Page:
vinit = sqrt(2g*h); h = drop distance
vfinal = 0;
xinit = 0;
xfinal = 100mm;
a = g;
Issue: non-linear damping.
M*x'' - b*(x')^2 - k*x = 0;
b = 128*mu*(length fluid travels)*(D^4(piston)/[(D(hydraulic)^4)(orifice opening)]
every book I've been reading on vibrations damping says there's no solution for v^2 damping. Currently reading "Influence of Damping in Vibration Isolation" and they give an equivalent linear damping coefficient as:
C(eq) = (D0)/(∏ω(z0)^2); D0 being energy dissipated per cycle, z0 being relative displacement.
Then they go into equivalent damping force being: γ*F; γ= (2/sqrt(∏))*gamma((n+2)/2)/gamma((n+3)/2)...
very long story short. Is there anyway to do a stepwise energy dissipation of a mass/spring/damper problem? Can I use something like: initial energy in - energy to compress spring - energy dissipated by damper = 0.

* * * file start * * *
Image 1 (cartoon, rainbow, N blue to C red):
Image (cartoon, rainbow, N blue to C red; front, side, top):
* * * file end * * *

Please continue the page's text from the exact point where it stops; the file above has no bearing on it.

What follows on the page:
the issue I think is with this is that I don't know how to figure out energy dissipated by a damper whose dependent on v^2...
can I define a function that says: this system was deflected by 0.1mm at this time and Z amount of energy was taken away from the initial impact. W energy was taken up by the spring, and X was taken by the damper. This is how much much energy was left over at the boundary of this iteration...
Im in analysis paralysis at the moment and I think I'm overthinking this...